The food which comes with the insects, is for them only a “surplus”, an alimentary peripheral integration, for architectural luxuries and the development of the inflorescences.
When the time of reproduction has come, the male plants generate floral red-brownish ramps of 20-40 cm., which ramify into 10-20 scorpioid tops, that is, disposed, as botanists say, like the tail rolled up of a scorpion.
As you can see from the enlargement on this side, they carry, one close to the other, little starry flowers, which do not measure more than half a cm. Four or five greenish tepals, similar to sharp petals, which protect the stamens, with the anthers close each other on the centre, almost forming a lace.
Female plants have similar structures, but less ramified, as it can be seen down below, in the last photo of the service.
The small flowers, with 3-4 short tepals, united at the basis, are, also here, reduced to the minimum. But, rather than starry, they look, in the whole, roundish.
The overy, measures about a couple of millimetres, and is practically hairless.
On the top, 3-4 stigmas, to collect the pollen carried by the insects, and, in section, a hospitable small room with 3-4 loggias, and as many placentae, with the ova waiting for the marriage.
The fruit is an elongated capsule, of 1 and a half cm., which opens with 3 valves to disperse in the wind small spindle-shaped seeds.
Whoever has the chance to go to the Seychelles, can admire these incredible plants in Mahé, at the places called Mont Jasmin, Glacis Sarcelels, Mont Coton, Congo Rouge, Morne Blanc, Trois Frères, Sans Souci, Copolia, Mont Sebert and Broulée.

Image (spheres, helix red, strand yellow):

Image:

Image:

And at Silouette, they are found on the Grand Congoman, a summit, at a height of 621 metres, which dominates La Passé, or Mont Pot à Eau, name quite clear, for a nice ridge high about 730 metres, east of Mont Dauban, and on the top of the Gratte Fesse.
It goes without saying, that great care must be taken in not walking over them, and that they cannot be picked up.
And, however, it would be a nonsense, because of the growth which is very slow, and of the geo-climatic conditions needed, they are practically impossible to be reproduced.
Even if it may seem impossible, they have discovered, recently that two species of mites and one mosquito, do breed into the ascidia of the Nepenthes pervillei.
Not only they are not digested by the liquid, but they even lay there their eggs.
A sort of symbiosis, then. The animal finds a safe place where to generate the offspring and the plant, however, gets nourishment from their waste.
Something like what happens at sea, with the stinging anemones, feared by all fishes, but the Amphiprion, the charming sea clowns, which build their houses between their deadly tentacles.